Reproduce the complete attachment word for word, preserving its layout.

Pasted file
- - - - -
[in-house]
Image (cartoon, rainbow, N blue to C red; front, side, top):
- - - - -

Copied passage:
[in-house]
Image (cartoon, rainbow, N blue to C red; front, side, top):